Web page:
Breaking Free From Diet Culture

While it’s harmful to so many, diet culture is almost possible to avoid these days. From social media to food packaging and exercise trends, diet culture can manifest itself in so many different forms. Diet culture’s presence in our lives is so profound that most people do not understand the severity of this harmful messaging. If you feel like diet culture controls your decisions and constantly incites feelings of shame and guilt, keep reading to learn how to detect and handle diet culture in everyday life. 

 

What Is Diet Culture?

Diet culture places weight loss on a pedestal, encouraging people to strive for thinness. Viewing weight loss as the only way to gain happiness and confidence creates significant issues. Ironically, those who fall subject to diet culture and partake in restrictive behaviors become more self-conscious and shameful. 

Companies and influencers tap into their audience’s insecurities by promising their customers certain results or feelings once they buy a weight loss product or a workout plan. The diet industry strives to generate the most revenue from selling images of thinness, even if it means destroying consumers’ self esteem. New ideal body types, styles of eating, and exercises overwhelm people, yet influence them to spend more money on ‘improving’ themselves.

 

How To Spot Diet Culture

Knowing some key phrases and words make it easier to detect diet culture in daily life. Companies recognize that many people who wish to lose weight or change their body want to see changes happen quickly. Content using phrases such as “lose weight fast” or “get a six pack in 10 days” should stand out as a red flag. It takes months to see changes in our bodies and any sort of drastic change that happens in a few days is not sustainable and most likely relies on unhealthy methods. Our society is so obsessed with losing weight that people will try almost anything, even if it involves following a regime based on restriction, to change their appearance. 

Demonizing or labeling certain food groups as ‘bad’ should be a warning sign. Diet culture moralizes types of foods and exercise, placing guilt upon people who consume or do certain things. While some foods are more nutritious than others, cutting out complete food groups is restrictive and harmful.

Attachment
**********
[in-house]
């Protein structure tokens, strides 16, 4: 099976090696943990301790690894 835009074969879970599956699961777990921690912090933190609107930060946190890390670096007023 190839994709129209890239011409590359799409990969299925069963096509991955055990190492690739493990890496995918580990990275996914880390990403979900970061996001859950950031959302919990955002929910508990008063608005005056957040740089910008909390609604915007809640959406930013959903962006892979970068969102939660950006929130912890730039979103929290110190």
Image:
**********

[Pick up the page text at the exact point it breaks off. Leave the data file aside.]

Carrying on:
The promotion of detoxing and cleansing is another popular diet culture trend. Companies will attach ‘removes toxins’ or ‘cleanses your gut’ into the description of any product to attract customers and make them feel as if their bodies are impure or unhealthy. Detoxing is also seen as a method to lose weight quickly in an unsustainable way. Some people claim that detoxing improves their health, but in reality “detox diets rarely identify the specific toxins they’re claimed to remove, and evidence that they remove toxins at all is lacking” (3). Our bodies naturally remove toxins through methods including sweat and urine, meaning there is no need to go an extra step. 

 

How To Handle Diet Culture

It’s very difficult to walk into any store or scroll on social media without being confronted by weight loss ads and products. Seeing these images daily can decrease your self esteem and mood. Take a few days off of social media apps or find a daily limit for your social media use. Additionally, unfollow anyone online who makes you feel self conscious or shameful about your eating and/or exercise habits.

Talking with those around you and specialists can help you vocalize your feelings about diet culture’s impact on you. If there is someone in your life, whether that be a friend, sibling, or parent, that frequently talks about weight loss and dieting or comments on your physical appearance, notify them that this upsets you and find another topic to talk about. Consulting a doctor, registered dietitian, or therapist might also be beneficial if you are struggling from negative body image or confidence. 

Even if you feel that diet culture is controlling your life, there are so many ways to break free from it. Replace scrolling on Instagram and comparing yourself to others with enjoyable hobbies or activities. Discover support groups or groups in your neighborhood that aim to empower people and provide them with a sense of strength. Most importantly, remember that your physical appearance should be the least interesting thing about you; you are so much more than what your body looks like. 

 

Resources: 

  1. https://www.nationaleatingdisorders.org/blog/recognizing-and-resisting-diet-culture
  2. https://behavioralnutrition.org/what-is-diet-culture/ 
  3. https://www.healthline.com/nutrition/detox-diets-101#bottom-line 

 

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Stephanie Gerson

Stephanie Gerson is an Art History student at UC Santa Barbara who is passionate about plant-based cooking, sustainability, and all things wellness. For vegan recipe ideas and intuitive eating content, you can find Stephanie on Instagram @stephliveshealthy.

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